Clever Horses, School Children and The Pygmalion Effect

Posted by & filed under Child Development, Industrial Organizational Psychlology, Industrial Organizational Psychology, Motivation-Emotion, Persuasion, Research Methods, Social Cognition, Social Influence, Social Psychology, Stereotype Prejudice Discrimination.

Description: What do horses that seem to be able to spell and do math, grade school children, and stereotypes of poor people or smokers have in common? The Pygmalion Effect. Well that is not enlightening but what about expectancy effects and not their own expectancies but expectancies or assumptions that other have about them? How… Read more »

We Need a Big Picture Understanding of Screen Time (and Who is Sox?)

Posted by & filed under Adult Development and Aging, Child Development, Cultural Variation, Early Social and Emotional development, Families and Peers, Human Development, Social Psychology, The Self.

Description: You cannot have missed at least some of the range of stories regarding the amount of screen time children are spending and the concerns being raised about its possible impact on their development. We should be concerned but we should also be cautious about treating screen time like this month’s Tickle me Elmo, Furby,… Read more »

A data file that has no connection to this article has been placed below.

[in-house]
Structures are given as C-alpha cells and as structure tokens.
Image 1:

Orchids and Dandelions: A Very Useful Developmental Dichotomy

Posted by & filed under Child Development, Families and Peers, Human Development, Stress Coping - Health.

Description: Think of all the different ways in which you can think about and talk about developing children: shy – outgoing, independent – dependent, leaders—followers and on and on. All such dichotomies tend to focus on a part or aspect of children or child development and do not scale up well, into big pictures of… Read more »

Anger and Self-Regulation: Learn From the Inuit

Posted by & filed under Aggression, Child Development, Cultural Variation, Early Social and Emotional development, Families and Peers, Indigenous Psychology, Moral Development, Motivation-Emotion, Stress Coping - Health.